Following last year’s brilliant 40-year festival, which brought more artists, exhibitors and international experts to Linz than ever before, this year Ars Electronica is going on a journey, or rather the festival itself is becoming a journey – a journey through “Kepler’s Gardens”, which are not just located in Linz at the JKU Campus but also 120 other locations worldwide.
With locations across the Americas and Europe, Inside Festival takes you to Vilnius, Buenos Aires and Los Angeles in this Home Delivery segment.
The Vilnius Garden unfolds at the new SODAS2123 cultural complex (in Lithuanian SODAS means GARDEN), in downtown Vilnius and online. A few dozen artists, researchers, students and professors perform in the hybrid reality grove that merges the physical with the perspectives of creatures living in and around it: from the artists themselves to microorganisms. The Garden takes the visual and conceptual metaphor of the grove and builds its programme around it. As an assemblage of trees or a smaller unit of forest, a grove is a place where symbiotic communication and relationships take place not only between its indigenous habitants, but also among invasive and migrant species, including human beings and their activities. Every grove has from six to nine layers: the overstory, the canopy, the understory, the shrub layer, the grass, the forest floor (moss and soil) and the underground (mycelial/fungal/roots). Garden Vilnius is inspired by Jussi Parikka’s Insect Media, and manifests as a networked hive or swarm in the grove, where makers, culture, and DIY activities flourish. Multiple viewing modes and angles enable 3 days (and nights) of activities in the “physical grove,“ merged with a virtual grove through live streams and pre-recorded materials. One can experience hybrid reality by following a wandering camera(wo)man, a tree climber, a flying drone, a running or crawling pet (dog, cat, bird, rat) or even branch or herb movement. The artists in the event are expanding the notion of humanity and sustainable living with the help of culturally sited (and rooted) approaches to new media, and its relations to the biological and urban grove.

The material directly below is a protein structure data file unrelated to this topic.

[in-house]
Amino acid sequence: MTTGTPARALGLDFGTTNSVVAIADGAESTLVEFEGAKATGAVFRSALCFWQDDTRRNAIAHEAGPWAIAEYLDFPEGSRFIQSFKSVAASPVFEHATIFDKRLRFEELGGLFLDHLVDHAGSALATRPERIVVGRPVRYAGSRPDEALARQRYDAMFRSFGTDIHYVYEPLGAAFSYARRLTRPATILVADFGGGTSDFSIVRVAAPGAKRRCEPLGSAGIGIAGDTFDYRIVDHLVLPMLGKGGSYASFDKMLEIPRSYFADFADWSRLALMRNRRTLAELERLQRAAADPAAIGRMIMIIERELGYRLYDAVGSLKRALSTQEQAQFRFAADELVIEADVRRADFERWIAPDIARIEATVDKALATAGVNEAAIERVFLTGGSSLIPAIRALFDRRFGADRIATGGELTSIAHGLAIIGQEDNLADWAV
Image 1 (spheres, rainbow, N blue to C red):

In Vilnius we will be speaking to Vytautas Michelkevičius (curator-commissionaire of Vilnius Garden, assoc. prof. at Vilnius Academy of Arts), artist Gailė Griciūtė (co-curator of festival ūmėdė) and artist Ignas Pavliukevičius (co-curator of Vilnius Garden and festival ūmėdė).
The UCLA ArtSci Center presents Telluric Vibrations: a festival with an exhibition, workshops and symposium based at the UCLA Mildred E. Mathias Botanical Gardens, and on virtual venues like Mozilla Hubs, Zoom and YouTube. Telluric Vibrations nurtures ideologies both above and below ground. Using the model of a plant growing both upward into the atmosphere and downward into the soil, this festival simultaneously cultivates the Earth and the Ether ―conceptually and physically― grounding technology. This festival is about expansive network ecologies, creating nodes for interaction that bridge gaps between species, technology, and cultures. We are imagining new and novel ways of living and joining together on this unknown planetary journey. The exhibition will feature work by the ArtSci Collective, an intergenerational of current students, recent graduates and renowned practicing artists. Each activity and artwork is generated around the Ecology of Earth and Ether, the “real” and “virtual,” and looks closely at their imbrications. Site specific installations and performances, designed to be presented online using live video and AR, will be showcased at the Botanical Gardens. The garden will not function as a backdrop, but as an integrated, collaborative environment. The symposium, keynote lectures and panels featuring scholars, artists and scientists will extend the network, further fostering diverse education and community.
How could we build an ecosystem for culture growing? The Garden of Curiosity in Buenos Aires is an interactive navigable visualization with the aim of sharing cultural diversity. When navigating through this environment replete with objects, words, sketches and sounds, and by clicking on each one of them, visitors access audiovisual content linked to many especially invited art and science projects. Muntref Arte y Ciencia can be thought of as a diverse ecosystem; a cultural garden that disseminates through vast and multiple flowerbeds. Since 2011, Muntref Arte y Ciencia has been weaving connections not only with people from diverse disciplines, groups of students, different institutions and several technical environments, but also by generating inspirational and empathic relationships in a growing network.
Credit: Victoria Vesna